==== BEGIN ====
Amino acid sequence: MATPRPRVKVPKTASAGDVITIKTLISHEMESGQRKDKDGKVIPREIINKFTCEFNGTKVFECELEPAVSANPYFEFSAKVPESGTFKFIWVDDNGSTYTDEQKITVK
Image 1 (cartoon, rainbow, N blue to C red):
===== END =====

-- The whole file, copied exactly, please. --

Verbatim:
Amino acid sequence: MATPRPRVKVPKTASAGDVITIKTLISHEMESGQRKDKDGKVIPREIINKFTCEFNGTKVFECELEPAVSANPYFEFSAKVPESGTFKFIWVDDNGSTYTDEQKITVK
Image 1 (cartoon, rainbow, N blue to C red):